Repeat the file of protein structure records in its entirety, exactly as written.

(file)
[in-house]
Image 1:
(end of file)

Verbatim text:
[in-house]
Image 1: